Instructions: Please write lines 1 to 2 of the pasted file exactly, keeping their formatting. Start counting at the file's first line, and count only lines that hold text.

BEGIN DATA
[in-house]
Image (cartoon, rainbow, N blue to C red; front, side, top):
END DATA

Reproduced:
[in-house]
Image (cartoon, rainbow, N blue to C red; front, side, top):